The western United States continues to be the fastest-growing and fastest-urbanizing region of the country, while also being the most arid (Mackun and Wilson, 2011). As population and cities continue to grow in water-scarce environments, people are forced to confront value tradeoffs in trying to balance efficiency, equity, and effectiveness of water allocation practices (Ingram, Scaff, and Silko, 1986; National Research Council, 1992; Howe and Ingram, 2002; Ingram, Whiteley, and Perry, 2008). In the U.S. West, these water allocation challenges are made even more difficult as people try to increase the flexibility of an established water system deeply entrenched in American political and institutional history (Ingram, 1990; Wilkinson, 1992; Reisner, 1993; Ingram and Brown, 1998; Lach, Rayner, and Ingram 2005; Lach, Ingram, and Rayner, 2006).
In this article, we examine the water conflict between the Las Vegas metropolitan area and rural communities in east-central Nevada (figure 1). The main source of Las Vegas's current water supply is the Colorado River, which flows south from Lake Powell at the Arizona-Utah border through the Grand Canyon and into Lake Mead. Nearly 40 million people in seven states, including major U.S. cities and agricultural systems, depend on Colorado River water. Over-allocation of the Colorado River, multiple competing needs, prolonged drought, rapid regional population [End Page 302]
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[End Page 303] growth, and climate change have stressed this watershed, and current water policies may not contain the tools to equitably resolve emerging water conflicts (Adler, 2007; Hundley, 2009). Water managers have been investigating other solutions to survive in this new reality (U.S. Department of the Interior, 2012).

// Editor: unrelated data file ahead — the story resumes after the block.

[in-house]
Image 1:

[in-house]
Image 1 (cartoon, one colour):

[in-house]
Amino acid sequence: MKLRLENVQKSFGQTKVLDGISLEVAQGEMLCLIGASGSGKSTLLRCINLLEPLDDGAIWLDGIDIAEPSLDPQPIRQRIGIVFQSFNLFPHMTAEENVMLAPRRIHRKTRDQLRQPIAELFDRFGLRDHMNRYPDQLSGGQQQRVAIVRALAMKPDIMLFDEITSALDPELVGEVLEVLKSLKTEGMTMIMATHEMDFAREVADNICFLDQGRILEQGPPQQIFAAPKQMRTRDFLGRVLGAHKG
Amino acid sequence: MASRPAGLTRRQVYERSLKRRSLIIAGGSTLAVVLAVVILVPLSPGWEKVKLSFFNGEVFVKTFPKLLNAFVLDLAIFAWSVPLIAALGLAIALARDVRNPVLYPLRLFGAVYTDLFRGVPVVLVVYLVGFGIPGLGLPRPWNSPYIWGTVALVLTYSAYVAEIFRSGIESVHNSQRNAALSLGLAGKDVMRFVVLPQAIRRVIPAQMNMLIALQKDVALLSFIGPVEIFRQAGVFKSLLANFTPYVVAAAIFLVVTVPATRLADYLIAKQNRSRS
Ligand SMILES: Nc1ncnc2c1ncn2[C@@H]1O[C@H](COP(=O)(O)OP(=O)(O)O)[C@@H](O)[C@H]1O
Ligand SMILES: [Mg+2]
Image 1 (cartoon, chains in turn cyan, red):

In 1989, the Las Vegas Valley Water District, now part of the Southern Nevada Water Authority (SNWA), applied for water right permits to transport groundwater from rural east-central Nevada 300 miles south to Las Vegas and the surrounding metropolitan area via its proposed Groundwater Development Project (figure 1). The project would "likely be the largest interbasin transfer of water in U.S. history" (White Pine County et al. v. King, 2013). We use this case study to examine the water policy controversies involved in a rapidly growing desert metropolis seeking water from distant rural sources. Our analysis relies heavily on contributions from Helen Ingram's work on the importance of context, the significance of social constructions in policy design, the role of equity in water management, and the need to recognize multiple ways of knowing and valuing water. We follow her social construction and policy design framework (Schneider and Ingram, 1997) to explain how policy debates over the SNWA pipeline project have been framed. This case study focuses on foundational principles of water allocation that need to be reexamined as people attempt to better balance multiple needs in water-scarce environments.
Framework for Understanding the Debates
Ingram and Schneider (1990) argue that the content of policy has not received adequate attention within the policy sciences. While policy processes that lead to policy designs may be chaotic and changes in policy abrupt (Sabatier, 2007), the actual content of various policies is purposefully crafted to "serve particular values, purposes, and interests" (Schneider and Ingram, 1997, 3). Understanding the context in which policy designs emerge is also very important, because policies are created in response to particular situations (Schneider and Ingram, 1997; Honadle, 1999). Although contexts may change and evolve, policy designs generally endure, because the underlying foundations of policy designs are known for continuity, not for fundamental shifts (Pierson, 2004; Ingram and Fraser, 2006; Schlager and Blomquist, 2008). Policy designs socially construct target populations in positive and negative [End Page 304] terms, distribute burdens and benefits that reflect and perpetuate these constructions, and encourage (or...